GAME, SET AND MATCH AS DUNST PLAYS BALL WITH PRYING MEDIA.
EXCLUSIVE Kirsten Dunst/Wimbledon Interview by Paul Fischer in Los Angeles.
Kirsten Dunst wearily admits to being a bit thorny. Her last interview ofthe day as she was dutifully bouncing around promoting her latest film, thetennis-themed romantic comedy Wimbledon, Dunst was clearly becoming a tadannoyed at the press's obsession with her private life. Recently split upwith boyfriend Jake Gyllenhaal and starring in a romantic comedy to boot,the questions have been bouncing at her all day. Forcing a half smile, thepretty Hollywood star conceded that "just lately with the press, it's beenoverwhelming lately for me." Dunst says that she is not quite sure why it isthat at this juncture in her career, is her personal life of such paramountimportance to the media. "I don't know, maybe because of Spiderman II andWimbledon, I guess I'm in the limelight more now I suppose. Also, I live inLos Angeles where everybody is, so I think it's hard to keep things private,but this is where I live." The actress says that she continues to deflectprying questions about her private life by being as politely responsive aspossible, by "just saying, 'I'm sorry but I'm not going to answer thatquestion.'"
Dunst says that she tends to read articles in magazines about her and can'tavoid coming into contact with the tabloids. Knowing how much is writtenbased on untruths, the actress says that "you can't let it bother you somuch. It's out for a week, but I just hate when lies are made up aboutrelationships and nobody really knows what goes on between two people sothat can be frustrating or they make a big deal out of something I've saidthat I didn't even mean was a big deal, and then people get hurt. So it,I've just got to be a little more careful."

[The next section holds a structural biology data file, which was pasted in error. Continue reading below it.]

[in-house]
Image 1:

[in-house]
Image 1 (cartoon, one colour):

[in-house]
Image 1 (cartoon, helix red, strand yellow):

So it is time to move on to her latest movie, Wimbledon, a charming romanticcomedy that casts the diverse Dunst as a tennis star on the rise who fallsfor a former champ [Paul Bettany] who discovers his game on the verge ofretirement. Dunst said during the Spider-Man 2 junket that shootingWimbledon was in some ways tougher than that action film, a fact shecontinues to concede. "Spiderman, first of all I love, is more juvenile thanthis one and it's hard to keep that, every time before takes. Paul and Iwould, go here we go again, and he'd be like fresh and sexy, because it'shard to keep that thing going when it's a different take on a differentangle, and it's such in the moment with the dialogue. Sometimes we have suchlittle quips, and the challenge is to make them seem natural sometimes. It'ssometimes difficult to get that balance."
On screen, here Dunst plays an overly confident and toughly aggressiveplayer, whose serve is as powerful as her verbal barbs. Dunst says that shedid have to search within herself to find that character. "I think I had theconfidence to be that way because I got really good at certain parts oftennis, so to have that base of course makes you feel more confident, so itwas exciting to be that kind of a player. For me it was fun for me to throwthose racquets on the court." As convincing a tennis player she is, Dunsthad never been especially interested in tennis before shooting this movie."I never really watched it or played it," she says. Laughing, she says thateven having trained with the legendary Pat Cash, she wouldn't have thecourage to challenge anyone of note to a tennis match. "I think they'd beatme pretty bad, so I think I'd stick to amateurs, such as my Dad."